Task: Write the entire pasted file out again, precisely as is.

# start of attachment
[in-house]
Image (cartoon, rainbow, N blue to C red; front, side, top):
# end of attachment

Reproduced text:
[in-house]
Image (cartoon, rainbow, N blue to C red; front, side, top):